Within days of the NSW government passing controversial
legislation severely cutting back the rights and entitlements of
workers injured at work, a fork lift tipped over at Sydney markets
killing the driver.
It was one more statistic for the bookkeepers at WorkCover.
Their latest annual statistical bulletin records 139 deaths related
to work in 2008/09 – 75 killed in the workplace, 24 from
diseases as a result of employment and 40 while the person was
driving to or from work.
Workplace fatalities were up 42 per cent on the previous year.
Deaths among workers aged under 25 were up 25 per cent, mostly in
vehicle accidents. But overall deaths in the workplace are well
down on 10 and 20 years ago.
In 2008/09 more than 133,000 workplace injuries were reported to
The good news is that major injuries have declined steadily over
the previous 10 years. Overall payouts for injured workers were
well down on previous years. Claims for permanent disability were
down 42 per cent on 10 years earlier.
So while the government has been insisting it cut back workers
compensation as payouts are out of control, claims for workers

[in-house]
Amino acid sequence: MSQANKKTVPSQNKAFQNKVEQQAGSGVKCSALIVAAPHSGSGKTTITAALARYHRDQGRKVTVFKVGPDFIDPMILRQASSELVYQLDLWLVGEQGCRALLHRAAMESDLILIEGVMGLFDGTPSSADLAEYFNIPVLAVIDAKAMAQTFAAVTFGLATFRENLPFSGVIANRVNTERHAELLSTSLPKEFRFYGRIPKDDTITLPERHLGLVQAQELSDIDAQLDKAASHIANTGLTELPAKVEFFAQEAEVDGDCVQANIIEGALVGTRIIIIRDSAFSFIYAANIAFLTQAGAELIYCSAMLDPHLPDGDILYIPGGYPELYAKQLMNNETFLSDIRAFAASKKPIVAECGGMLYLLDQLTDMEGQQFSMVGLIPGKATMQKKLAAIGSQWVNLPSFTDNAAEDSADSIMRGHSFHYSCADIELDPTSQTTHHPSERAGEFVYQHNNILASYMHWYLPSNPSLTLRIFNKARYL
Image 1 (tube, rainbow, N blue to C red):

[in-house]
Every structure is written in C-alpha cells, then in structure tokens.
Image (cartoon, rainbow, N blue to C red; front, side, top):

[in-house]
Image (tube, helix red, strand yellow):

compensation are actually on the way down.
Yet the O'Farrell government has brought in a series of
cutbacks to the workers compensation scheme that will hurt some of
the most vulnerable members of our society.
The new scheme, which is retrospective in that it applies to
claims made before the laws were passed, caps weekly compensation
payments at five years for all but the most severely injured
workers. There is a time limit on the payment of medical
Fewer people will be eligible for lifetime and lump sum payments
because the threshold for serious injury is increased to 30 per
cent "whole person impairment." A worker whose foot was
amputated would not meet this new threshold.
A fierce fightback by firemen and lawyers managed to force some
concessions. Firemen and paramedics were included at the last
minute in the professions exempted from the cutbacks such as
police. Some claims for injury during driving to and from work were
Lawyers warned the changes would hurt the most vulnerable
members of the community. Australian Lawyers Alliance NSW president
Jnana Gumbert said the changes will throw many work accident
victims into great financial difficulty and hardship.
"It is simply not true that payments to workers need to be
reined in as they had gotten out of hand. The truth is that the
Global Financial Crisis and poor handling of claims by insurers are
the main reasons behind the financial bleeding of the system. Once
lump sum damages claims were mostly replaced with weekly payments
in 2002, it was inevitable that the annual cost of the scheme would
eventually blow out" she said.
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